Writing SI units and symbols

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Quite a few of us do not write the SI units correctly. If you are a Physics or Chemisty student, and still remember what you studied in school, you’ll know the importance of getting your units and symbols right.

Important in SI:

  1. The short forms for SI units (such as mm for millimeter) are called symbols, not abbreviations.

  2. SI symbols never end with a period unless they are the last word in a sentence.

    • RIGHT: 20 mm, 10 kg

    • WRONG: 20 mm., 10 kg.

  3. SI symbols should be preceded by digits and a space must separate the digits from the symbol.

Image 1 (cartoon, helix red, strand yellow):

• RIGHT: It was 300 mm wide. The millimeter width was given.

    • WRONG: It was 300mm wide. The mm width was given.

  4. Symbols always are written in the singular form (even when more than one is meant).

    • RIGHT: 1 mm, 500 mm, 1 kg, 36 kg

    • WRONG: 500 mms, 36 kgs

    • BUT: It is correct to pluralize written-out metric unit names: 25 kilograms, 250 milliliters

  5. The symbol for a compound unit that is a quotient of two units is indicated by a solidus or by a negative exponent.

    • RIGHT: km/h or km·h-1 (for kilometers per hour)

    • WRONG: kmph or kph (do not use p as a symbol for “per”.)

    • BUT: It is correct to say or write “kilometers per hour”.

  6. The meaning of an SI symbol can be changed if you substitute a capital letter for a lower case letter.

    • RIGHT: mm (for millimeter, which means 1/1000 of a meter)

    • WRONG: MM or Mm (M is the prefix for mega, which means one million; a megameter is a million meters)





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